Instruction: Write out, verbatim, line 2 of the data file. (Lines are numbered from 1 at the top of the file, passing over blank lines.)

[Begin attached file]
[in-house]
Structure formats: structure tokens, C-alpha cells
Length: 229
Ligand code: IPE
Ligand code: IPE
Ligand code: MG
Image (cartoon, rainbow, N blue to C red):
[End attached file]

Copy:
Structure formats: structure tokens, C-alpha cells